Cats have a relatively short gestation period, which means they can get pregnant more frequently than many animals and have kittens. This increased frequency means that the kittens don’t get a chance to fully develop all their senses before coming into the world. Eyesight and hearing – two of the most complicated – take time to properly mature. So, the kittens are born deaf, with the ear canal closed and not fully developed. Their ears continue to develop after birth; therefore, the ears are sort of folded to protect the internal mechanism until development is complete. After birth, it takes about 14 days for the ear canal to open. Until then, the kittens rely on signals they can feel, like the vibrations of their mother’s purring.
Why Cats Spend So Much Time Grooming
The typical cat devotes about a third of his waking day to grooming himself. Considering how many hours he devotes to sleep, this may not sound like much, but it translates to about three hours’ worth of self-pampering a day. There are several reasons why he grooms himself so fastidiously. Cats clean themselves with their saliva, which is thought to contain a detergent-like deodorizing substance that keeps his coat soft, glossy, and clean. But grooming also has other important functions: it removes dead hair and skin, tones up the muscles and stimulates blood circulation. This is also why mother cats clean their newborns so frequently.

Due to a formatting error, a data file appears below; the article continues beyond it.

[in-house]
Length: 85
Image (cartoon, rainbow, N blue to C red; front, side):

How Cats Use Their Whiskers
How cats’ whiskers work isn’t fully understood, but there is no doubt that they are one of the feline’s most sensitive features. By bending his whiskers like antennae, a cat can magnify the smallest air disturbances. With these feelers, he can safely maneuver through underbrush and around obstacles and avoid bumping into things. A cat’s whiskers, called vibrissae, grow at the side of his mouth in four rows and above his eyes (cats don’t have eyebrows). There are approximately 30 of them, each attached to a nerve in the skin. They are so sensitive, that the cat relies on them to aid his movement in the dark. He can identify things he can’t see. Studies of blindfolded cats, for example, reveal that they can place their front paws on a tabletop when only their whiskers had touched its edge. The slightest touch on a whisker also causes a reflex closing of the eyes. This is vital protection for the feline hunter whose eyes are frequently fixed on prey. It also ensures that a twig or grass springing back will not cause injury. Whiskers are so important to the cat that removal of them can harm the cat. Some scientists theorize that the cat bends some or all his whiskers downward to help guide him when jumping or leaping over uneven ground. A cat with poor eyesight, or totally blind, will use his whiskers like a blind person uses a cane. The cat will walk with his head moving from side to side, using his whiskers to guide him.
How a Cat Can Crawl Through Small Openings Smaller Than Their Body
This ability is due to the absence of a collarbone. A cat has a chest cavity that is very small for his size; the lack of the collarbone and small chest size makes him practically collapsible. With the help of his whiskers, a cat will carefully figure out the height or width of an opening before attempting entrance.
Did You Know
The pattern on the nose pad of every cat is unique, just like human fingerprints.
Nearly all calico cats are female.
A quivering tail when your cat is nearby is considered the ultimate expression of love, but when the tail starts thrashing it means, “Back-off.”
The brain of a cat is more like the human brain than that of the dog. Cats and humans even have a region of their brain that is specifically designed to deal with emotion.
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